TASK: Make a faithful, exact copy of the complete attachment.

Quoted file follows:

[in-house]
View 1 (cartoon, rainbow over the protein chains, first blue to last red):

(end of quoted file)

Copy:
[in-house]
View 1 (cartoon, rainbow over the protein chains, first blue to last red):